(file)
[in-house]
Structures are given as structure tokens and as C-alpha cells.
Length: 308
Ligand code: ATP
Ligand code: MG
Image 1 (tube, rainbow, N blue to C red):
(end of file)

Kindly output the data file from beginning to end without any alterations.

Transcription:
[in-house]
Structures are given as structure tokens and as C-alpha cells.
Length: 308
Ligand code: ATP
Ligand code: MG
Image 1 (tube, rainbow, N blue to C red):